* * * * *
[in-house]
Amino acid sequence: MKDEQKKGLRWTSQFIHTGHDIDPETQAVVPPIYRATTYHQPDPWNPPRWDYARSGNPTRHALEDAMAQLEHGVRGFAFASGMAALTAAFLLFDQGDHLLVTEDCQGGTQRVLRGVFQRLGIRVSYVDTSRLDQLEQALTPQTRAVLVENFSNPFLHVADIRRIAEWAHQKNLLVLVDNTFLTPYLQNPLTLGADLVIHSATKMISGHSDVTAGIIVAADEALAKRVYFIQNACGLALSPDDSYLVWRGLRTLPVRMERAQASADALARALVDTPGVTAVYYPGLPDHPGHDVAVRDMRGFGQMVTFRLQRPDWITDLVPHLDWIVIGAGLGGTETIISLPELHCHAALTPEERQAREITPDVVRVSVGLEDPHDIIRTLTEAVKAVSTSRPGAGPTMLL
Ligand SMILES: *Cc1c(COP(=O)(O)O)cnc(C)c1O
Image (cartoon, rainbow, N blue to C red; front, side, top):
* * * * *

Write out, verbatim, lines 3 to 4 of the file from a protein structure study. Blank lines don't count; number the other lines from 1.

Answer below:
Ligand SMILES: *Cc1c(COP(=O)(O)O)cnc(C)c1O
Image (cartoon, rainbow, N blue to C red; front, side, top):